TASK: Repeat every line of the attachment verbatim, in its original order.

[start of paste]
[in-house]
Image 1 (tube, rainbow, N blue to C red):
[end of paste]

[in-house]
Image 1 (tube, rainbow, N blue to C red):